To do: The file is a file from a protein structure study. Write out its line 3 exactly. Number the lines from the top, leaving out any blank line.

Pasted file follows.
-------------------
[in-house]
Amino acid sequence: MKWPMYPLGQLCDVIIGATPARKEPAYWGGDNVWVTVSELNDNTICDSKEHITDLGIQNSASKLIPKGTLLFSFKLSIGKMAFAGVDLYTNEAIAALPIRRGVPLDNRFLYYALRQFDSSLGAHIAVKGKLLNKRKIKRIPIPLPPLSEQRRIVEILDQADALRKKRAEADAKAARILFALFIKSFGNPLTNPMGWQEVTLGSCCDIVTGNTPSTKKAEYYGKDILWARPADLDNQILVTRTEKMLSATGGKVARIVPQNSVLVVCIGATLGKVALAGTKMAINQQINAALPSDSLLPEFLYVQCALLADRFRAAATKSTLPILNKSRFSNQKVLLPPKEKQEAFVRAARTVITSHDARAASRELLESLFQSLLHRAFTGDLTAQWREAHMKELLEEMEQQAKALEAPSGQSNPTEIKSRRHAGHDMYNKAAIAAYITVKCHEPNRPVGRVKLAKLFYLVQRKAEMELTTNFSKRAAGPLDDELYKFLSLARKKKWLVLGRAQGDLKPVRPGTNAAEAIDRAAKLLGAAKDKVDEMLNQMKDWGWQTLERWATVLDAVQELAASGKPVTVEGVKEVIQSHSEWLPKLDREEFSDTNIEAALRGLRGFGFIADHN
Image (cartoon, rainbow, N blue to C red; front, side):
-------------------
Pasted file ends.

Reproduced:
Image (cartoon, rainbow, N blue to C red; front, side):